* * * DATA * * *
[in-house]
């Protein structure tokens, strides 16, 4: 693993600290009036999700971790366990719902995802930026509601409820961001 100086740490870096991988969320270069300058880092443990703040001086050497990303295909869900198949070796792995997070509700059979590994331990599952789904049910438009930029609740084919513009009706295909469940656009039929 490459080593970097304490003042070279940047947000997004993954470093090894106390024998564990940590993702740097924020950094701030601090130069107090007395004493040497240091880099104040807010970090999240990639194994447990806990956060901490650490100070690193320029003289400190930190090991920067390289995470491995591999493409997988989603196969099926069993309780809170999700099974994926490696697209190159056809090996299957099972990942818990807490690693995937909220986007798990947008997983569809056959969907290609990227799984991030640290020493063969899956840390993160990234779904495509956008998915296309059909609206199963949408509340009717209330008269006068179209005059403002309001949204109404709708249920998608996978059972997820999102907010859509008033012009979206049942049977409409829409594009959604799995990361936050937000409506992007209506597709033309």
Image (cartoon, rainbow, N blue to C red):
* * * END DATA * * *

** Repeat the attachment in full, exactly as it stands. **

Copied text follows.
[in-house]
């Protein structure tokens, strides 16, 4: 693993600290009036999700971790366990719902995802930026509601409820961001 100086740490870096991988969320270069300058880092443990703040001086050497990303295909869900198949070796792995997070509700059979590994331990599952789904049910438009930029609740084919513009009706295909469940656009039929 490459080593970097304490003042070279940047947000997004993954470093090894106390024998564990940590993702740097924020950094701030601090130069107090007395004493040497240091880099104040807010970090999240990639194994447990806990956060901490650490100070690193320029003289400190930190090991920067390289995470491995591999493409997988989603196969099926069993309780809170999700099974994926490696697209190159056809090996299957099972990942818990807490690693995937909220986007798990947008997983569809056959969907290609990227799984991030640290020493063969899956840390993160990234779904495509956008998915296309059909609206199963949408509340009717209330008269006068179209005059403002309001949204109404709708249920998608996978059972997820999102907010859509008033012009979206049942049977409409829409594009959604799995990361936050937000409506992007209506597709033309």
Image (cartoon, rainbow, N blue to C red):